Texans fans must adopt realistic expectations for 2023 NFL draft class
It has been one week since the Houston Texans made their first selection in the 2023 NFL fraft, and the city is still buzzing after hearing former Ohio State quarterback C.J. Stroud’s name called.
While the fans who had gathered at the draft party at Miller Outdoor Theater were busy giving each other high-fives and chest bumps, celebrating what many believed was their franchise quarterback, the Houston Texans were back on the clock.
What was happening?
“Did the Texans make a trade for the third overall selection in the draft,” many fans asked each other with perplexed looks.
The tension was building as the time was ticking. Then the announcement was made that Houston had selected Alabama edge rusher Will Anderson and the crowd broke into another celebratory frenzy.
Many praised Texans general manager Nick Caserio and new coach DeMeco Ryans for securing two out of the top five players in this year’s draft.
That excitement would last over the next two days as Houston continued to add names such as Nathaniel “Tank” Dell, who played wide receiver just minutes away from NRG Stadium at the University of Houston.
For the first time in a while, the fanbase had a reason to feel excitement after enduring three seasons of terrible football that yielded a combined 11 total wins.
“I know everybody looks at me like I have ten heads when I say this, but a draft is a 50-50 proposition,” said Texans GM Nick Caserio about drafting the right players for the team. “There’s a lot of risk, and you’re not really sure how it’s going to go.” #Texans #Sarge pic.twitter.com/ntAbgnlUyq
— #SARGE (@BigSargeSportz) May 4, 2023
Last year’s draft class consisted of talents such as running back Dameon Pierce, defensive backs Derek Stingley and Jalen Pitre, and offensive lineman Kenyon Green. The future is trending upward for the Texans.
Yet, for as optimistic as many of the Texans’ fanbase has been over social media and on local radio about the 2023 NFL draft class, there also must be some hesitation before crowning Houston the AFC South division winners before the players have been involved in one regular season game.
What if Caserio and Ryans got it wrong? What if former Alabama quarterback Bryce Young, who was taken No. 1 overall by the Carolina Panthers, has a better career than Stroud? Will the Texans regret not making the trade to move up with the Chicago Bears when they owned the top pick?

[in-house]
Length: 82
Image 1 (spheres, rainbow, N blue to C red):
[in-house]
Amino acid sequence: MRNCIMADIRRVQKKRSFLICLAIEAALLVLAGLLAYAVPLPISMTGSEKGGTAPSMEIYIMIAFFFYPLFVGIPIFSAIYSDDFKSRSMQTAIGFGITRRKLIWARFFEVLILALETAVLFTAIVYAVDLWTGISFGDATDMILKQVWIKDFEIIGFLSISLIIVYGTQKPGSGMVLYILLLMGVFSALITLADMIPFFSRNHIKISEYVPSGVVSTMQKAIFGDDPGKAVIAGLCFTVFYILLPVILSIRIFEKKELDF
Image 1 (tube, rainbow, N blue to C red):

If Anderson does not become the second coming of three-time NFL Defensive Player of the Year and former Texans defensive end J.J. Watt, does the amount of draft capital the team gave up for him be questioned yearly?
What if the additional pieces added in the later rounds do not meet the expectations?
It is okay for cautious and sometimes pessimistic fans to ask those types of questions, especially when the person in charge of making the right choices for the team does not know what the future holds for the young men he drafted.
“There’s really no guarantee,” said Nick Caserio about the players selected being successful for the Texans. “I know everybody looks at me like I have 10 heads when I say this, but a draft is a 50-50 proposition, I mean, it’s a coin flip. That’s just the reality. Nobody is really smarter, or in my case, probably dumber. There’s a lot of risk, and you’re not really sure how it’s going to go.
“So, you try to take the information. You try to process. You try to make good, sound, smart decisions, and hopefully, that manifests itself in positive results. So, really not going to know the answers to that here for a little bit. I think we positioned ourselves decently. It’s all about taking advantage of our opportunities. That’s the only thing that we can do, and the only thing we can control is our performance. Everybody in the organization, the only thing they can control is their performance on a day-to-day basis and do it consistently, do it to the best of your ability, and that’s all we can ever ask.”
There is a reason for the enthusiasm with the team who finally hired the right coach in Ryans after suffering through the David Culley and Lovie Smith years and acquiring the necessary veteran assets in the offseason to get the team back on track.
But you have to give these rookies, who don’t even have official jersey numbers yet, some time to get acclimated to the day-to-day routine of the NFL before putting Super Bowl expectations on them. Give them time to prove they were worth it before calling them superstars.
If history repeats itself, Caserio will have made the right choices as he did in 2022.
Just be patient and give it time.
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